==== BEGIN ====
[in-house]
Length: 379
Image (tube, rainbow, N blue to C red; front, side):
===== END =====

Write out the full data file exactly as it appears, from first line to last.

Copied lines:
[in-house]
Length: 379
Image (tube, rainbow, N blue to C red; front, side):